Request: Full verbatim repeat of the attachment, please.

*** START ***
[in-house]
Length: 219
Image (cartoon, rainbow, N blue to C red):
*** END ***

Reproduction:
[in-house]
Length: 219
Image (cartoon, rainbow, N blue to C red):